Display status widgets with news, system resource usage, news or other data on your desktop.
Microsoft's user interface designers face a tough challenge when deciding what Windows would look like. There's just one look and feel, but it must cater to the needs of occasional users, kids, elderly people, and power users who spend sixty hours a week in front of their computer. Windows 7 came out great, but it's not perfect for everyone. With Rainmeter 2.2 (free), you can craft your very own desktop environment that feels just right.
Rainmeter is a system resource monitor. Its job is to present the information you want to see in the format that works for you: Think of it as a customizable dashboard. You can use Rainmeter to monitor CPU and memory load, the current time, the weather, your Facebook or Twitter feeds, your Gmail, and more.
Rainmeter calls these various bits of information "measures." Your current CPU load is a measure, and so is the current time. Measures are displayed using meters. You could use a bar meter to represent the current CPU load, and a string meter to show the current time (or a quote of the day, or any other textual information). The end result often looks like a semi-transparent overlay of data on your wallpaper, filled with stylish graphs, circles and numbers, much like something out of a good sci-fi movie.
Fortunately, you don't have to get so technical to use Rainmeter. There is an active community of fans and developers who constantly create and share new skins for Rainmeter. A single skin could be as simple as a desktop clock just showing the current date and time. These are often combined into suites, each containing several skins that share a uniform look and feel and can be toggled on and off (so you can use the clock part of the suite, but not its Twitter part).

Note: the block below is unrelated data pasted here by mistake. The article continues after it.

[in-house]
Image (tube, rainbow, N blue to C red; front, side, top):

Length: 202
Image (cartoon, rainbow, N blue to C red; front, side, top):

The Rainmeter website recommends getting started with one of three comprehensive skin suites, each containing many different skins. There is also a Rainmeter group on art website Deviantart, a hub for designers to share their creations, with a "Skin of The Month" competition.
Skins are very easy to install, but you should use discretion when downloading them. A skin is not just a passive resource file: It can contain executable components, and so could potentially be malicious. Stick with recommended sources of skins, such as the Deviantart group. You could also read more about malicious Rainmeter skins on the forums at Rainmeter.net.
What if you see a skin that is almost perfect for you, except for the choice of font or color, or the fact that it displays the time in a format you don't like? Worry not: You can just download the skin and edit its configuration (INI) file to change these parameters. Beware: Once you realize how customizable skins are, it is easy to become addicted to changing and tweaking them endlessly. This could take hours, and result in a gorgeous, one-of-a-kind desktop. You've been warned.